Survivors Can Help the Newly Diagnosed

Bob Riter is the retired Executive Director of the Cancer Resource Center. His articles about living with cancer appeared regularly in the Ithaca Journal and on OncoLink. He can be reached at bobriter@gmail.com.

A collection of Bob’s columns, When Your Life is Touched by Cancer: Practical Advice and Insights for Patients, Professionals, and Those Who Care, is available in bookstores nationwide and through online retailers such as Amazon and Barnes & Noble. All royalties from the sale of the book come to the Cancer Resource Center.

When friends I haven’t heard from for many years suddenly call me, I wait for them to say, “Bob, I just got diagnosed with cancer.”

This is not unique to me. People who have had cancer are often asked for advice by those who are newly diagnosed. And quite a few of us feel compelled to give our advice whether it’s requested or not.

Similar conversations take place in cancer support groups. The people attending for the first time are like sponges, soaking up every word. What survivors say to the newcomers can range from being helpful to being terrifying.

Here are some general guidelines:

The most important rule for survivors is to do more listening than talking. The conversation isn’t about you – it’s about the person who was just diagnosed. When someone tells you that they were just been diagnosed with cancer, they’re looking more for understanding than for directives.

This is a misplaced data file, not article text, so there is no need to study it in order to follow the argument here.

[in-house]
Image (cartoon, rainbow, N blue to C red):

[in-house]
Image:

The other important rule is to make the distinction between sharing your own experiences versus telling the newly diagnosed what is best for them. It is fine to say, “This is what I did,” but do not say, “This is what you should do.”

People who are newly diagnosed tend to worry about “what if” scenarios. They ask themselves: What if the cancer has spread? What if the treatment doesn’t work? What if my car breaks down and I can’t get to treatment?

These thoughts are not always rational, but they are understandable. Survivors don’t need to make the newly diagnosed feel even more anxious by sharing every bad experience they’ve ever had or heard about.

You don’t need to be irrationally positive, but you shouldn’t be aggressively negative either.

And no matter how serious the diagnosis, it’s important for the person to maintain hope. Not only hope for a cure, but hope for a smooth treatment process.

In sum, survivors can best help the newly diagnosed by listening and supporting. As the Shaker saying goes, “Let your words be few and seasoned with grace.”


Reprinted with permission of the Ithaca Journal.

Click here for all of Bob’s columns

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